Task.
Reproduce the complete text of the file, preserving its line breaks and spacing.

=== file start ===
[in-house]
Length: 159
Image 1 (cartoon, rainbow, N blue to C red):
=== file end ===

[in-house]
Length: 159
Image 1 (cartoon, rainbow, N blue to C red):